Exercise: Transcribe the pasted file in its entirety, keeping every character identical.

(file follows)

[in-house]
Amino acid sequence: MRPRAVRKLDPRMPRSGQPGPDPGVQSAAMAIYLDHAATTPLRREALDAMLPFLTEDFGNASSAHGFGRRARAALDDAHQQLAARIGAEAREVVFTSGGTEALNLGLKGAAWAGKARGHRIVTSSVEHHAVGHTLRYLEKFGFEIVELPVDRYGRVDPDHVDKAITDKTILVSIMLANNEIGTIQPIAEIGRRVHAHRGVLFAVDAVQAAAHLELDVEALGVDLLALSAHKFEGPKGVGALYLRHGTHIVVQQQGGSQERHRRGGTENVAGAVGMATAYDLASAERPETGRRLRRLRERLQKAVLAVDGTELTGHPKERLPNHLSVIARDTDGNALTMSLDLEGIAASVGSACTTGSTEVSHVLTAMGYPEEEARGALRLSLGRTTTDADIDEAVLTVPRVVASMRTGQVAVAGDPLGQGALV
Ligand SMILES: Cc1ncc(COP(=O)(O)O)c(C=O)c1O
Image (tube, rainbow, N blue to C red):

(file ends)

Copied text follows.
[in-house]
Amino acid sequence: MRPRAVRKLDPRMPRSGQPGPDPGVQSAAMAIYLDHAATTPLRREALDAMLPFLTEDFGNASSAHGFGRRARAALDDAHQQLAARIGAEAREVVFTSGGTEALNLGLKGAAWAGKARGHRIVTSSVEHHAVGHTLRYLEKFGFEIVELPVDRYGRVDPDHVDKAITDKTILVSIMLANNEIGTIQPIAEIGRRVHAHRGVLFAVDAVQAAAHLELDVEALGVDLLALSAHKFEGPKGVGALYLRHGTHIVVQQQGGSQERHRRGGTENVAGAVGMATAYDLASAERPETGRRLRRLRERLQKAVLAVDGTELTGHPKERLPNHLSVIARDTDGNALTMSLDLEGIAASVGSACTTGSTEVSHVLTAMGYPEEEARGALRLSLGRTTTDADIDEAVLTVPRVVASMRTGQVAVAGDPLGQGALV
Ligand SMILES: Cc1ncc(COP(=O)(O)O)c(C=O)c1O
Image (tube, rainbow, N blue to C red):